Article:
ON LIBERTY: A serious look at poverty


‘Tis the season when many of us are swimming in the sea of excess. A few weeks after frantically trying to find the perfect gifts for friends and family members who already have everything they need, we’re back at the stores buying plastic bins to hold our holiday haul. After stuffing ourselves with cookies and bounteous meals we’re sucking in our stomachs and promising to lose those extra pounds. Some of us are swearing off alcohol or cigarettes or chocolate and vowing to live lives that are both simpler and healthier.

So Pope Francis’ recent remarks on global poverty have provoked emotional responses from people on both side of the wealth divide. Both the pontiff’s remarks and the issues they address are nuanced and complex and deserve similar serious treatment.

We should begin with acknowledgment of the good news in the global economic situation: Worldwide poverty is on the decline. Laurence Chandy and Geoffrey Gertz of the Brookings Institution have studied the global economy and found the "rise of emerging economies has led to a dramatic fall in global poverty." They estimate between 2005 and 2010 the total number of poor people around the world fell by nearly half a billion, from over 1.3 billion in 2005 to under 900 million in 2010.

"Poverty reduction of this magnitude is unparalleled in history," Chandy and Gertz said. "Never before have so many people been lifted out of poverty over such a brief period of time."

Poverty does, of course, still exist and in greater numbers than with which any feeling human being is comfortable. Its causes on both a national and global scale are many and diverse. It is not wholly the result of laziness on the part of the poor or greed and selfishness on the part of the rich. That some of those traits exist at both ends of the personal economic spectrum is true, but so do the traits of generosity, compassion and industriousness.

A society is comprised of individuals and each brings his or her own personal circumstances and responses to life experience to the economic table. Some of these reactions and actions will serve to uplift and strengthen both the individual and society, some will tear down. A large part of our challenge is to identify and encourage positive outcomes.

So Pope Francis’ admonition to world leaders to become involved in the redistribution of wealth was disappointingly one-dimensional. It was also most likely the exact opposite of what they should be doing. Time and again, studies indicate it is economic freedom, not government control, that best alleviates poverty and creates prosperous societies.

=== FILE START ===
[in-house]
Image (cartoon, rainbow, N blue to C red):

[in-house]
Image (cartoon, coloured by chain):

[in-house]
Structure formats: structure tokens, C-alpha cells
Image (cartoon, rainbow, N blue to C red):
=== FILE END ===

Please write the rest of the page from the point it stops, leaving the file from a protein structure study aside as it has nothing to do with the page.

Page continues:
For almost 20 years Canada’s Fraser Institute has been studying the global economy and releasing an index of world economic freedom. The index measures the size and scope of government, adherence to the rule of law, access to sound money, freedom to trade internationally and the regulation of credit, labor and business. The institute has identified four cornerstones of economic freedom, which are: Personal choice rather than collective voice, voluntary exchange coordinated by markets rather than allocation via the political process, freedom to enter and compete in markets, protections of persons and their property from aggression by others.

Nations whose governments honor the values embodied in the four cornerstones are consistently most prosperous, while nations with less freedom are also least prosperous. What’s more, the poor in the economically free nations are far better off financially than the middle class in nations with repressive economic systems.

In his remarks, the pontiff warned against "a crude and naive trust in the goodness of those wielding economic power," but then seemed to relinquish that power to the state, which he said was "charged with vigilance for the common good." Centuries of wars, man-caused famines and other atrocities bring into question the state’s ability to discern what is actually good for the people. Placing economic power in the hands of those whose actions have proven they do not deserve it seems the pinnacle of "crude and naive trust."

Haven’t volumes of history as well as uncomfortably recent scandals taught us that? Whether it is the targeting of people and political groups by the IRS, the massive collection of personal data by the NSA and even New Jersey Gov. Chris Christie’s possible involvement in punishing political enemies, don’t we have daily proof that for too many of our so-called leaders politics is a game of chess and we are the pawns?

Political power and economic power are all too often one and the same. Undesirable economic circumstances that are often blamed on capitalism are most often the result of collusion between those seeking political favor and those dispensing it.

A market that is dependent on government involvement is not free by any means. Governments should limit their roles to protecting people’s rights to interact and trade with each other peacefully. Power of any variety should be spread among as many people as possible, with individuals retaining the most with regards to the governance of their own lives.

Audrey Pietrucha is on the executive board of Vermonters for Liberty. She can be reached at vermontliberty@gmail.com.


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